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Old 05-03-2005, 12:53 PM
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types of differentials

Hi guys:
This question has been probably asked before, but i have been hearing people talk about types of differentials, and i am confused. Limited slip, locker, posi track(or something like that), Detroit locker, and what is the one that when the car is in the air, and you turn one tire, the other goes the other way. Can somebody clear out this for me by telling me their differences, uses and other info?
I would really appreciate it. Thanks.

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Old 05-03-2005, 01:47 PM
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diff's 101:
open diffrential: most comon, found in almost all cars and trucks. allowes wheels to spin at different speeds, this is also the one where if one wheel is stuck, the other will spin lika mad in the other direction.

limited slip, posi: a happy midle ground between full locked and open. basically this unit always keeps a little power to the stuck wheel, assistin in traction, but not as nice for turning. (when you turn, one the outside wheel travels faster then the inside wheel)

lockers: brands include detriot and arb. this unit keeps full power on both wheel no matter what. used alot in off roading, and drag racing. turning is all but impossible with locked diffs.

if you need more info hit www.howstuffworks.com and do a search.
hope it helped!
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Old 05-03-2005, 02:36 PM
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off the cuff...

sound good to me Dude....are you planning a diff. change over in the future? They come in a lot of different sizes too and I'm not just talking gears here. The housing are big and small and GM and Ford and Chrysler.


Tazz


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Old 05-03-2005, 04:00 PM
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Wrong on the locker...

It is either fully locked or fully UNlocked. It essentially acts like a spool or an open rear, depending on if you're under throttle or not (the throttle is like the on/off switch for a locker).

Turning is no big deal with a locker... Didn't even notice I had a locker most of the time, occasionally with a slow (like parking), sharp, under throttle turn you'd hear a bang but for the most part it is no big deal.

IMO, and this applies only to 9" Fords, I'd never consider any other differential than the Detroit Locker. Opens just flat suck, I have a pile of them in the basement, just put one in my Mustang to get it ready to sell (no WAY someone's gettin' my 3.89 locker unless they pry it from my lifeless arms), and I've fried too many clutch LSD's to have a good opinion of them, they're just Mickey Mouse in comparison.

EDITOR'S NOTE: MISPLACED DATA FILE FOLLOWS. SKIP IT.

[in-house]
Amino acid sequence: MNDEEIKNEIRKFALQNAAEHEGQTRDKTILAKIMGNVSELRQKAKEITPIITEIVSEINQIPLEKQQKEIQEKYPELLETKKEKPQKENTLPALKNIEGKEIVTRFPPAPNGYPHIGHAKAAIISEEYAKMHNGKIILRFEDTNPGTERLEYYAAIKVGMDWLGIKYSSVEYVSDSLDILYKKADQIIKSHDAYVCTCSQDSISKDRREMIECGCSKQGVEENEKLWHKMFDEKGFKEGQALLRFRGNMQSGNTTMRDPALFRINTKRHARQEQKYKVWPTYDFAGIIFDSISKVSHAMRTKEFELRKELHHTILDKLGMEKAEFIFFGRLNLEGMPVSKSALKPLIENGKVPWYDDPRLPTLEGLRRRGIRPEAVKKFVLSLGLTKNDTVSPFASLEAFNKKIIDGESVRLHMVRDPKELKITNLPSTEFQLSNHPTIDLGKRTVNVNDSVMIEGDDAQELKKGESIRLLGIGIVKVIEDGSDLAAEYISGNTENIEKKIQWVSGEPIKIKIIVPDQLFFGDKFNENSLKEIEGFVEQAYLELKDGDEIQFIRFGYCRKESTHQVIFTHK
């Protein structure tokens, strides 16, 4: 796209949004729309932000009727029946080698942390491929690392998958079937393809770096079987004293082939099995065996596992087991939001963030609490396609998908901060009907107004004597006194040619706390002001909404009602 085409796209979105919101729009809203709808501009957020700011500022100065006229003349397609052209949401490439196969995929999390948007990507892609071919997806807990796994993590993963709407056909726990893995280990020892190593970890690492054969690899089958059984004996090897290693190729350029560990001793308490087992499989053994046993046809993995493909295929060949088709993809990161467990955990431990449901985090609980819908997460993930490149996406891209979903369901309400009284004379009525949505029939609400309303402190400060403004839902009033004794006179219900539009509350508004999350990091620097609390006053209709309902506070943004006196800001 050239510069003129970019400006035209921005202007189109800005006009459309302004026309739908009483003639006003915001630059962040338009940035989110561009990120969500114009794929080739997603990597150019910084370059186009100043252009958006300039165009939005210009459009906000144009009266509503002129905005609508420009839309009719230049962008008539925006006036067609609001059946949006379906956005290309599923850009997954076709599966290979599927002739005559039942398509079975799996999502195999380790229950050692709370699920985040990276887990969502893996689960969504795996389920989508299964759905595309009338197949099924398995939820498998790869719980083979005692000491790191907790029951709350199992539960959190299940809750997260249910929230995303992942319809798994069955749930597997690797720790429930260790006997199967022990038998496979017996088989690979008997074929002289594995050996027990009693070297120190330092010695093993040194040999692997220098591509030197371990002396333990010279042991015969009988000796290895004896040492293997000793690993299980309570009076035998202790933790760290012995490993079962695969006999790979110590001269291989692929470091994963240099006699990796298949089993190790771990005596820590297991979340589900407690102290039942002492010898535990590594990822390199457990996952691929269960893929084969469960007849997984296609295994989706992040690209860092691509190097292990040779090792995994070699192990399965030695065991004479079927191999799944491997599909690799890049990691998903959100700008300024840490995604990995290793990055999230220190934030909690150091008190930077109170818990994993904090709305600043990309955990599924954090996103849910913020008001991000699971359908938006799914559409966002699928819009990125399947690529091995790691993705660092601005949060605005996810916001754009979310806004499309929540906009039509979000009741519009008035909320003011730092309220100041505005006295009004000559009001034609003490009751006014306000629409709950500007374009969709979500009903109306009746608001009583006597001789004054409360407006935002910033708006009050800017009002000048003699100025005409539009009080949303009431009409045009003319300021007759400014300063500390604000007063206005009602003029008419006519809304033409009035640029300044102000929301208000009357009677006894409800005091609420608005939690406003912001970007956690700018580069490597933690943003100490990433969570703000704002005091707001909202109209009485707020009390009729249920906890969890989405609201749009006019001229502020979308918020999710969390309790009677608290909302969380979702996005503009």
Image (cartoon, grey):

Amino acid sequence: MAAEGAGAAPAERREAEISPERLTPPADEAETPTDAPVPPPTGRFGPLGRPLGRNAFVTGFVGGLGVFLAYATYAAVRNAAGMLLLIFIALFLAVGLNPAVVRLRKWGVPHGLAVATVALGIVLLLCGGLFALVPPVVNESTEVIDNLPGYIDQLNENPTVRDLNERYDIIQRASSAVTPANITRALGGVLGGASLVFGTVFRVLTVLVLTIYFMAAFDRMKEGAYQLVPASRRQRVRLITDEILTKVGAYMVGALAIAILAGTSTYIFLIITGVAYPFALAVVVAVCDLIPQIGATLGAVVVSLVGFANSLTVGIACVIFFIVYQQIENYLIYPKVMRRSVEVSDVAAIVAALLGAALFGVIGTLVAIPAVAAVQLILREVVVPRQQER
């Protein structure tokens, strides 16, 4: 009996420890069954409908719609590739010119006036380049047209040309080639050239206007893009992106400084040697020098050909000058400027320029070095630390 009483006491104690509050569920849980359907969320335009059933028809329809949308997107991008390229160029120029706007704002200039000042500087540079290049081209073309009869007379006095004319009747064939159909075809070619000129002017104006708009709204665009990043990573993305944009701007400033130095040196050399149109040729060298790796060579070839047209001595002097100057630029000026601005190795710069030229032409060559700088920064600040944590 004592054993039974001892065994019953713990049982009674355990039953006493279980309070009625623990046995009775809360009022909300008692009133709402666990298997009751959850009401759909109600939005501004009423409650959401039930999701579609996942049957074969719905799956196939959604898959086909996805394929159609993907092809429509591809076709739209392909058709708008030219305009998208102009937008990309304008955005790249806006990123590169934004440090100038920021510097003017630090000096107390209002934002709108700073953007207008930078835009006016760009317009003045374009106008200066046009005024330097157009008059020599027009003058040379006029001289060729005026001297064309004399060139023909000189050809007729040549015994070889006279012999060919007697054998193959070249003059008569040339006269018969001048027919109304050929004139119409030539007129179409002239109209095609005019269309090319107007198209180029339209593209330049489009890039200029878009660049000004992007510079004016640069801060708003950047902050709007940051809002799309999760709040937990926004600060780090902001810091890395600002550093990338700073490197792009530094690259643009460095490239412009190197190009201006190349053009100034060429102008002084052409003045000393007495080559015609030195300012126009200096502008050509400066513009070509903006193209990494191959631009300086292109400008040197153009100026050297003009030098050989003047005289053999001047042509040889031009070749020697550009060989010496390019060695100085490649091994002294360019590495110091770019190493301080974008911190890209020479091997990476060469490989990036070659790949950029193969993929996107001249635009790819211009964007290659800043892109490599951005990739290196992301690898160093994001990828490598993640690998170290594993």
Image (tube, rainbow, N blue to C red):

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Old 05-03-2005, 07:40 PM
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Quote:
Originally Posted by nosaj122081
Wrong on the locker...

It is either fully locked or fully UNlocked. It essentially acts like a spool or an open rear, depending on if you're under throttle or not (the throttle is like the on/off switch for a locker).
thanks for the correction!
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Old 05-05-2005, 10:06 PM
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a lock uses a manuel locking device such as locking gears or air activated gears that mesh together to turn both axles
posi's use abestos or carbon fiber clutches that put pressure on the spider gears when going forward but the pressure is relieved when turning.
Spools are a replacement for spider gears and both axles turn no matter what not for street use!
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Old 05-05-2005, 10:55 PM
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Also wrong on the open differential, MJ. (This isn't your day.) When one is stuck, the other spins in the proper direction. But, with the car on a lift and the transmission in gear, if you turn one forward, the other goes backward.

I had a buddy weld up the spider gears on a '56 Chevy many years ago. While driving it on the street, I could hear the tires chirp as I turned a corner at slow speed and while I parallel parked, but, other than that, I couldn't notice the difference. The right rear no longer went up in smoke at the strip, though.
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Old 05-05-2005, 11:04 PM
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you know, that bad part is, i do know that.....grrr, i feel stupid now...
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Old 05-06-2005, 02:34 PM
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thank you guys for all the info, now i got it all figure out.





Cesar.
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Old 05-08-2005, 05:00 AM
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Remember that limited slip is just what it says, limited but not eliminated. I suppose specs are different for different sized units but basically they slip at about 250-275 ft./lbs. of torque when they are new and degenerate with wear. You should do a search on the different types to get a better understanding. In addition to the cheapo limited slips there is the Torsen-Gleason type, the Auburn, the Detroit locker and several others. The T/G is probably one of the toughest and a favorite of off road 4x4 enthusiests. If you plan to run welded/blocked spiders or any kind of spool, then you should put a straight line on your axles and pull them regularly for inspection. I don't want my family in the oncoming lane when you snap an axle.
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